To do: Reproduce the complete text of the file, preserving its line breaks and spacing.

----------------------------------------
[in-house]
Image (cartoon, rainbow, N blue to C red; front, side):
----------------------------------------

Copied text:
[in-house]
Image (cartoon, rainbow, N blue to C red; front, side):